Yet “race,” like gender,” is not only political economic. It also has cultural valuational dimensions, which bring it into the universe of recognition. Thus, “race” too encompasses elements that are more like sexuality than class. A major aspect of racism is Eurocentrism: the authoritative construction of norms that privilege traits associated with “whiteness.” Along with this goes cultural racism: the pervasive devaluation and disparagement of things coded as “black,” “brown,” and “yellow,” paradigmatically — but not only — people of colour. This depreciation is expressed in a range of harms suffered by people of colour, including demeaning stereotypical depictions in the media as criminal, bestial, primitive, stupid, and so on; violence, harassment, and “dissing” in all spheres of everyday life; subjection to Eurocentric norms in relation to which people of colour appear lesser or deviant and that work to disadvantage them, even in the absence of any intention to discriminate; attitudinal discrimination. exclusion from and/or marginalisation in public spheres and deliberative bodies; and denial of full legal rights and equal protections. As in the case of gender, these harms are injustices of recognition. Thus, the logic of their remedy, too, is to accord positive recognition to devalued group specificity.
“Race,” too, therefore, is a bivalent mode of collectivity with both a political-economic face and a cultural-valuational face. Its two faces intertwine to reinforce each other dialectically, moreover, because racist and Eurocentric cultural norms are institutionalised in the state and the economy, and the economic disadvantage suffered by people of colour restricts their “voice.” Redressing racial injustice, therefore, requires changing both political economy and culture. But as with gender, the bivalent character of “race” is the source of a dilemma. Insofar as people of colour suffer at least two analytically distinct kinds of injustice, they necessarily require at least two analytically distinct kinds of remedy, redistribution and recognition, which are not easily pursued simultaneously. Whereas the logic of redistribution is to put “race” out of business as such, the logic of recognition is to valorise group specificity. Here, then, is the antiracist version of the redistribution-recognition dilemma: How can antiracists fight simultaneously to abolish “race” and to valorise the cultural specificity of subordinated racialised groups?
Both gender and “race,” in sum, are dilemmatic modes of collectivity. Unlike class, which occupies one end of the conceptual spectrum, and unlike sexuality, which occupies the other, gender and “race” are bivalent, implicated simultaneously in both the politics of redistribution and the politics of recognition. Both, consequently, face the redistribution-recognition dilemma. Feminists must pursue political-economic remedies that would undermine gender differentiation, while also pursuing cultural-valuational remedies that valorise the specificity of a despised collectivity. Antiracists, likewise, must pursue political-economic remedies that would undermine “racial” differentiation, while also pursuing cultural-valuational remedies that valorise the specificity of despised collectivities. How can they do both things at once?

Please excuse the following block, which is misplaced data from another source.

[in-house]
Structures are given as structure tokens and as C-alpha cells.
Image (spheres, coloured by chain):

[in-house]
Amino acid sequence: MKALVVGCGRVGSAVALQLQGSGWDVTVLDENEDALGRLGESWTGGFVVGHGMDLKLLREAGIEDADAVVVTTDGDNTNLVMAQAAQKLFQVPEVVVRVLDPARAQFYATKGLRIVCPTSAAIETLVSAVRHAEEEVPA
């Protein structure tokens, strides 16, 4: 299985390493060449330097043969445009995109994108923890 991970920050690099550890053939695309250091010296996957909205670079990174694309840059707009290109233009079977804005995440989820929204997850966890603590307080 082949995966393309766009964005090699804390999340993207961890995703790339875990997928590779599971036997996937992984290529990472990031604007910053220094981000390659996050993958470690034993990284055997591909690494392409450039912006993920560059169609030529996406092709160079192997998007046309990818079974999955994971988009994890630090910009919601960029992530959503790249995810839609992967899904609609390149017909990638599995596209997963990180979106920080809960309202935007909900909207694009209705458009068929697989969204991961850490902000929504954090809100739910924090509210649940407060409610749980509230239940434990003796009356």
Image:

So far I have posed the redistribution-recognition dilemma in a form that appears quite intractable. I have assumed that redistributive remedies for political-economic injustice always dedifferentiate social groups. Likewise, I have assumed that recognition remedies for cultural-valuational injustice always enhance social group differentiation. Given these assumptions, it is difficult to see how feminists and antiracists can pursue redistribution and recognition simultaneously.
Now, however, I want to complicate these assumptions. In this section, I shall examine alternative conceptions of redistribution, on the one hand, and alternative conceptions of recognition, on the other. My, aim is to distinguish two broad approaches to remedying injustice that cut across the redistribution-recognition divide. I shall call them “affirmation” and “transformation” respectively. After sketching each of them generically, I shall show how each operates in regard to both redistribution and recognition. On this basis, finally, I shall reformulate the redistribution-recognition dilemma in a form that is more amenable to resolution.
Let me begin by briefly distinguishing affirmation and transformation. By affirmative remedies for injustice, I mean remedies aimed at correcting inequitable outcomes of social arrangements without disturbing the underlying framework that generates them. By transformative remedies, in contrast, I mean remedies aimed at correcting inequitable outcomes precisely by restructuring the underlying generative framework. The crux of the contrast is end-state outcomes versus the processes that produce them. It is not gradual versus apocalyptic change.
This distinction can be applied, first of all, to remedies for cultural injustice. Affirmative remedies for such injustices are currently associated with what I shall call “mainstream multiculturalism.” This sort of multiculturalism proposes to redress disrespect by revaluing unjustly devalued group identities, while leaving intact both the contents of those identities and the group differentiations that underlie them. Transformative remedies, by contrast, are currently associated with deconstruction. They would redress disrespect by transforming the underlying cultural-valuational structure. By destabilising existing group identities and differentiations, these remedies would not only raise the self-esteem of members of currently disrespected groups. they would change everyone’s sense of self.